The International Olympic Committee has delayed its decision on addressing the fairness and inclusion of women’s sports at the Olympic Games, and the protection of transgender athletes during competition. The IOC wanted to reach a decision before the 2022 Winter Games, but it has now been delayed due to conflicting opinions.
The news was revealed by the IOC’s Science and Medical Director, Dr. Richard Budgett, who wants to prioritize inclusion for international sports federations. The current guideline from 2015 states that transgender women can compete in the women’s category if they reduce their testosterone levels to below 10 nanomoles per litre for at least 12 months before competing.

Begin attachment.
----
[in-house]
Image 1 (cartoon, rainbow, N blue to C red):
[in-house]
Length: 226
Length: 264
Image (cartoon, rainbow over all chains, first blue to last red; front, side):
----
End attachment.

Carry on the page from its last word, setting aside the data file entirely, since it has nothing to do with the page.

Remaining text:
However, for the IOC to protect the human rights of an intersex or transgender athlete during competition, the policy needs to shift. In Tokyo 2020, DSD athlete Christine Mboma and Francine Niyonsaba had to compete outside of their middle-distance events due to high testosterone regulations, and 2016 800m gold medallist Caster Semenya (also a DSD athlete) failed to qualify for the Games outside of her discipline.
The plan is to move away from the current approach to protect and promote intersex and transgender athletes in competitions. The idea is to allow trans women to compete in the women’s category regardless of whether they have had gender reassignment surgery, as long as they can keep their testosterone levels low.
When the IOC and World Athletics make a decision, international federations will have to follow suit to determine specific rules for each sport.